Duplicate DNS A Record Issues with DHCP

I was getting complaints of duplicate A records for a while so starting digging in.  The DHCP audit log will show DNS Update Failed with a 9005 error.  I had previously cleaned up the structure by rebuilding the _MSDCS zone at the top level and confirming all the SRV records exist (supported by DNS Lint and DCdiag verbose DNS tests). Also set the zones to replicate across the forest and use secure updates and consolidated a bunch of reverse zones into a two-octet one (new one would be 99.172.in-addr.arpa as example). So reading up on it I decided to add all my DHCP servers into the DNSUpdateProxy Group, create an account to bind credentials on my DHCP servers (some happen to be DCs), set the DHCP scopes to "always dynamically update...", "Discard A and PTR records when lease deleted", and "Dynamically update DNS A and PTR for DHCP clients that do not request...". Scavenging is set to 7 days refresh/no-refresh on server and all zones.

The problem is really prevalent on our VPN scope- you know the deal folks are connecting and disconnecting all the time. We had the scope set to a 2 hour lease.  So yesterday I changed the lease to 25 hours, and set Scavenging to 1 day. Thought this would resolve it. But we are still getting duplicate A records some even with the same time stamp!  Happening in other scopes/networks as well that have longer leases.  I've noticed different security on records that were even time-stamped in the last day since the changes. Some have the client name, some have the DHCP server and some have the Dynamic Update account I created.  Not really sure what to make of it; wondering if I need to set the security on the actual zone to allow the DNSUpdateProxy group full control or maybe even schedule a script to run against my VPN scope to get rid of the duplicate record that has an older time-stamp or compare against the DHCP lease and delete the other.   Any help would be greatly appreciated!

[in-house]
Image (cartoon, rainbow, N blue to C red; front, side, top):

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Chris DentPowerShell DeveloperCommented:
This is quite a common problem where there's more than one possible update source, especially if you use scope with very short lease times.